What is a gel manicure?

Let’s be clear about this: There are two types of “hard gel”: “Shellac.” It becomes confused when salons refer to Shellac as gels while, in fact, CND, the first nail firm to create and file for this form of polish, just uses the name Shellac as a trademark. It’s frequently available in salons and is comparable to hard gels in that it also uses a UV laser to cure and harden onto your nails. It varies from gel in that it is softer and soaks off with acetone.

You can apply gel or “hard gel” over real or artificial nails. The key distinction between this product and Shellac (or soak-off gel) is that you can lengthen the nail, which can also be molded and shaped like an acrylic nail.


How long does it take for your nails to heal after gel?

Gels shouldn’t harm your nails if applied and removed properly, ideally by a trained expert. If you don’t take the required precautions and take too long to remove them, the majority of damage happens during the removal process. Our best advice is to avoid picking or peeled off your gels. It never turns out nicely.

It can take between three and six months for white spots, lines, or an unevenness on your natural nails to go gone because that is normally how long it takes for your nails to grow out entirely. Use a ridge filler to make your nails look smoother while you wait (sort of like how a makeup primer would help fill in pores or fine lines before your foundation).

If you only have minor peeling or flaking following removal, don’t worry. Here’s a step-by-step manual for regaining their strength and health.


How To Look After Your Nails Post-Manicure

Cuticle Oil will be your best friend

Vegetable oils, citric acid, and other vitamins can be used to make cuticle oil. Flaxseed oil and jojoba oil are also possible inclusions. Cuticle oil has a thin viscosity that makes it simple for the skin to absorb.

Your nails may grow brittle, dull, and chapped without it. Using cuticle oil will help keep your nails moisturized and nourished. It enhances the circulation around your nails to encourage healthy nail development and stimulation, as well as the appearance of your nails. Additionally, cuticle oil can help extend the life of any nail paint or gel by protecting it.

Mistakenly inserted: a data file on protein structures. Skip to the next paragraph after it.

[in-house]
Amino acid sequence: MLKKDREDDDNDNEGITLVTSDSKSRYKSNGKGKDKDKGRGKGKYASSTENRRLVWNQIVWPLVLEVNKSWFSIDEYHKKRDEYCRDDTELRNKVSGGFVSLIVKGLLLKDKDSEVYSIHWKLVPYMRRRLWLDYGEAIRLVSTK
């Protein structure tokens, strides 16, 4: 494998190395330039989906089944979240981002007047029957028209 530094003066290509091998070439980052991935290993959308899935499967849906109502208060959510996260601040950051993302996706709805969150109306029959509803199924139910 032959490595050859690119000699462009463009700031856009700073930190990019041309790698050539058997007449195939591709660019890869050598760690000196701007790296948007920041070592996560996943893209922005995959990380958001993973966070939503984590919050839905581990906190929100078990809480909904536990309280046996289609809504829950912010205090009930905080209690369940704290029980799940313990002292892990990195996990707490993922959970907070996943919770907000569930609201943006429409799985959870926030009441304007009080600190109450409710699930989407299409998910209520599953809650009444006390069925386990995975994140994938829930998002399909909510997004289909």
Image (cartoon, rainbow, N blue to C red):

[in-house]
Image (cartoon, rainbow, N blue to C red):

Avoid picking

Picking our nails can be a dangerous habit for some of us, whether we are aware of it or not. When your mind wanders or you are feeling worried, it can be tempting to start picking or peeling polish off. However, we suggest against picking because doing so could make your manicure look unprofessional.

Additionally, if the polish is not removed properly, it could harm your natural nail. It may be left flimsy, fragile, and thin.

Wear gloves for household chores

Wearing gloves while doing more hands-on tasks like gardening and cleaning up is not necessary, but it can help you keep your manicure looking good for as long as possible. This will safeguard the manicure.

Avoid solvent products

Liquids with the ability to dissolve things are called solvents. Naturally, if exposed to this, your manicure will vanish. Solvents can be found in a few cosmetics, tanning, and insect repellant products. Examples include Deet insect repellent and Clinique Rinse-off Eye Makeup Remover.

Try not to cut or file your manicure

It can be challenging to break the habit of trimming and filing your nails if you’re new to gel or shellac manicures. It appears to be such a crucial, natural step in nail maintenance. However, trimming and filing your nails might be much more harmful than beneficial. Cutting the nail will disrupt the top-of-nail seal, making your gel manicure much more susceptible to chipping and peeling.

Similar to filing your nails, this seal can also be harmed. Make sure to file your nail gently and downwardly if it needs to be filed because it has a snag or a jagged tip. Buffing shouldn’t be done at all because it will alter the polish’s texture.


Don’t use your nails in place of tools

Some of us may be guilty of using our longer, manicured nails to scratch something or to try to pry open a lid. While this may accomplish the task, there are many alternatives you can utilize that won’t harm your perfectly manicured nails. There is a significant chance that this will snag, chip, or possibly break. We don’t want you to be wounded while doing this!

Try not to tap directly with your nails 

We are constantly tethered to our laptops and phones because we live in a digital world. Typing on a keyboard all day might get pretty monotonous. Try tapping with the tip of your finger rather than the manicured nail to prevent damaging your nails, especially if you have long nails.

Don’t overuse antibacterial gel

Antibacterial gel is renowned for drying out skin and cuticles because alcohol is one of its key ingredients. Overwashing might cause skin to become dry and diminish the appearance of the manicure top coat.